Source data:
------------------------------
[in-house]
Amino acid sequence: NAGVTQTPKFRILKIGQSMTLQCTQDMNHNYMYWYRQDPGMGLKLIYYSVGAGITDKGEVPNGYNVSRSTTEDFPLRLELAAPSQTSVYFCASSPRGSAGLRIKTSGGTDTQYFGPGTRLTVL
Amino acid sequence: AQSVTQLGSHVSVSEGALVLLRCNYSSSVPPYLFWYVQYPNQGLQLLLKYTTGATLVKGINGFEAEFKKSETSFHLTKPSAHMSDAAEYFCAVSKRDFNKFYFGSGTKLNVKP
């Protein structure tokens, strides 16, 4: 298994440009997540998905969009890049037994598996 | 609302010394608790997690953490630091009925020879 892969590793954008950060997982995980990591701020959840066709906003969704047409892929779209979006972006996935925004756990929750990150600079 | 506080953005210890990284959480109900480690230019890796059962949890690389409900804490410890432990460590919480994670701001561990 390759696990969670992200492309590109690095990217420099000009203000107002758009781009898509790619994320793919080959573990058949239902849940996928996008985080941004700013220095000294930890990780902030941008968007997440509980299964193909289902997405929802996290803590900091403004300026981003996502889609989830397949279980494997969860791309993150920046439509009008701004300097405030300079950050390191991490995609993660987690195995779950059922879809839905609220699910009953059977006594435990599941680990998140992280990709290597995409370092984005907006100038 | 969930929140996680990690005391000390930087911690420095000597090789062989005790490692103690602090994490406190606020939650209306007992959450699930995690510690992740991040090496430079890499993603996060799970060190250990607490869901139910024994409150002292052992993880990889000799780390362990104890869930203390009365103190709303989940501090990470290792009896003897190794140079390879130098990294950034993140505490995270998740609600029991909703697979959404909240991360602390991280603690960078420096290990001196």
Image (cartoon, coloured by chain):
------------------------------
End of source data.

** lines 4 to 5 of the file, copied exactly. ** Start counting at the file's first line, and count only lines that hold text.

């Protein structure tokens, strides 16, 4: 298994440009997540998905969009890049037994598996 | 609302010394608790997690953490630091009925020879 892969590793954008950060997982995980990591701020959840066709906003969704047409892929779209979006972006996935925004756990929750990150600079 | 506080953005210890990284959480109900480690230019890796059962949890690389409900804490410890432990460590919480994670701001561990 390759696990969670992200492309590109690095990217420099000009203000107002758009781009898509790619994320793919080959573990058949239902849940996928996008985080941004700013220095000294930890990780902030941008968007997440509980299964193909289902997405929802996290803590900091403004300026981003996502889609989830397949279980494997969860791309993150920046439509009008701004300097405030300079950050390191991490995609993660987690195995779950059922879809839905609220699910009953059977006594435990599941680990998140992280990709290597995409370092984005907006100038 | 969930929140996680990690005391000390930087911690420095000597090789062989005790490692103690602090994490406190606020939650209306007992959450699930995690510690992740991040090496430079890499993603996060799970060190250990607490869901139910024994409150002292052992993880990889000799780390362990104890869930203390009365103190709303989940501090990470290792009896003897190794140079390879130098990294950034993140505490995270998740609600029991909703697979959404909240991360602390991280603690960078420096290990001196």
Image (cartoon, coloured by chain):